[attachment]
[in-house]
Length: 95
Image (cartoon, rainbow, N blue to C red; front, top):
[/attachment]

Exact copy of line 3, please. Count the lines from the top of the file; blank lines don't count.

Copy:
Image (cartoon, rainbow, N blue to C red; front, top):